| Author||D.J. de Laubenfels|
|Journal||Flora Malesiana - Series 1, Spermatophyta|
|Abstract||The affinity of Taxaceae has been much debated, with many authors favouring a separate order, Taxales, for it, a position with which I tend to agree. Further questions are raised concerning the grouping of other families with Taxaceae, as against the other conifer families, based on the lack of seed cones, fleshiness of the mature fruit, or lack of a fertile seed scale. Cephalotaxaceae (not in Malesia) has a reduced seed cone structurally organized quite differently from other conifers and vegetatively strongly resembling Taxaceae, so I would group these two together. All other conifer families show seed structures easily derivable from a compound cone with ovules produced on the upper face of a fertile scale which grows in the axil of a bract. Although Taxaceae, perhaps joined by Cephalotaxaceae, can be set apart from the conifers proper, all can agree that taxads and conifers are more closely related to one another than to any other recognized group.|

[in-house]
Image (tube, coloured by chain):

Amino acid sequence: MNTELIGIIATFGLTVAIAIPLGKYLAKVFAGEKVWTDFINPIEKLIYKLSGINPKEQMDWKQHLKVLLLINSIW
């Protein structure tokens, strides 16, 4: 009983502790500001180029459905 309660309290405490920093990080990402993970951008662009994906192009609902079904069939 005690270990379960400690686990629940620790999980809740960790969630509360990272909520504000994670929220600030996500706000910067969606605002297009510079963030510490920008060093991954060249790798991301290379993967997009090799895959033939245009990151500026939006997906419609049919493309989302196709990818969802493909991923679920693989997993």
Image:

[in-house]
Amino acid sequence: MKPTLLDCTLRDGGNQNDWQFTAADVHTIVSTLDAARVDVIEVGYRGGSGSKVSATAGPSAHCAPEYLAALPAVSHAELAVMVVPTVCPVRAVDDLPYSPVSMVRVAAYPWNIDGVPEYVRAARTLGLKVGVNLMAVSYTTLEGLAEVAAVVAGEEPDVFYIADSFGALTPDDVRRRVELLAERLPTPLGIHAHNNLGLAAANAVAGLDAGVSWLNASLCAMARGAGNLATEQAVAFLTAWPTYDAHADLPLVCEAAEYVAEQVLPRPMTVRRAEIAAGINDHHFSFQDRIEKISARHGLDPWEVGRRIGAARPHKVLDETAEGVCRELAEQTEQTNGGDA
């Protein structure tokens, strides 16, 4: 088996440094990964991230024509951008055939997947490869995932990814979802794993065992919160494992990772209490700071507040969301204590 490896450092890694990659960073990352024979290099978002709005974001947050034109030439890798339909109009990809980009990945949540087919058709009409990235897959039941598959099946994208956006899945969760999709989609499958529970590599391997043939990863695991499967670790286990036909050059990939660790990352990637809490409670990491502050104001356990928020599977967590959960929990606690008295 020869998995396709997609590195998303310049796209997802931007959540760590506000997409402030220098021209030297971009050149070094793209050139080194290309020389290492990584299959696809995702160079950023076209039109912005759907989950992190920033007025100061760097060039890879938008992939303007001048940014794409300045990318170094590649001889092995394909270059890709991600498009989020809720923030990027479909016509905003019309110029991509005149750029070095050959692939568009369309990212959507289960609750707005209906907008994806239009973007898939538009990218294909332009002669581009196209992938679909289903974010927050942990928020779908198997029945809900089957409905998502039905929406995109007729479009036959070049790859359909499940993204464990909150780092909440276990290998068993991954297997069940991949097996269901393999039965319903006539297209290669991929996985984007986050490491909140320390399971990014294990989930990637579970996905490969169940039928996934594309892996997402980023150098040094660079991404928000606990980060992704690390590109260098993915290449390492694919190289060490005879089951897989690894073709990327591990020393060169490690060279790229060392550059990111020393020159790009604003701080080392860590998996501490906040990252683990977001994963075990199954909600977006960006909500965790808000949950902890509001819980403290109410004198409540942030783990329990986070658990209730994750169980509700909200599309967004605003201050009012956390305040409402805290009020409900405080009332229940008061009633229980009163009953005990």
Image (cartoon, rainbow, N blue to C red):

Distribution . Of the five genera recognized for the Taxaceae, only Taxus reaches Malesia. Four are distinctly Holarctic in distribution, including Taxus, which is much the most widespread and reaches into tropical highlands. The fifth, monotypic Austrotaxus, appears on the other side of Malesia in New Caledonia, a distinct fragment of Gondwanaland, obviously a most curious relict on the southern hemisphere (FLORIN, Acta Horti Berg. 20 (4), 1963, 260, f. 61: map).
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